CDI can help you make and keep great neighborhoods by changing the way you approach development opportunities.

We offer a proactive, facilitated process that brings together all interested parties--governing agencies, community and business representatives, and developers. Through discussions and hands-on planning experiences, participants learn, analyze, and begin to understand market realities facing a particular development site--all before any proposal is submitted to a governing agency.

The result? Win-win-win. Development opportunities move more efficiently through the public review system. Neighborhoods have the chance to guide proposed projects to reflect their community vision, and developers reduce the amount of time between making a proposal and breaking ground.

Look at our track record. Since 2002, we’ve helped 23 communities in the Twin Cities metropolitan area. In every case, results show that when citizens are brought to the table sooner rather than later, communities are able to move development opportunities forward more efficiently.

Ways CDI can be used

  • .
  • » to move from planning to implementation for key development opportunity sites
  • » as an educational forum to front end a formal planning process
  • » as strategic planning for publicly owned land or growth areas
  • » as a neutral convening process for developers looking for community input
  • » as a marketing tool for communities to recruit developers to an area
  • » to bring multiple stakeholders to the table to build consensus on development goals
  • » as training for elected and appointed officials
  • » to connect greater density and mixed use projects to transportation corridors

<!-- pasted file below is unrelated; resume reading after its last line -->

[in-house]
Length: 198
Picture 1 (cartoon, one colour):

To explore how CDI can be used in your community, please contact This email address is being protected from spambots. You need JavaScript enabled to view it.

How the process works

The Corridor Development Initiative engages participants over issues such as density, affordable housing, a mix of land uses, and the true cost of development, while creating a set of priorities to guide future development. A typical CDI process lasts six months and is overseen by an advisory group of city staff and elected officials, community and business leaders, and other key partners.

The advisory group is responsible for:

  • » designing and guiding a series of community workshops
  • » developing an outreach and communication strategy to recruit participation, and
  • » reviewing the materials and recommendations provided through the Corridor Development Initiative process.
     

Community workshops

The CDI process typically consists of a series of four community workshops that occur two to three weeks apart. These workshops allow neighborhood residents to have candid conservations about development scenarios.

Most importantly, the workshops provide an opportunity for people to explore options and alternatives within a framework of city goals, community values, and market feasibility. They create their own development scenarios and test them to see if they’re financially viable.

By the end of the process, participants collaboratively create specific development recommendations to present to community officials. CDI recommendations can also be used by community groups to recruit developers to an area.

 

Everyone felt positive about their work and the outcome.

A very effective land use planning process

Helps the community understand what it really wants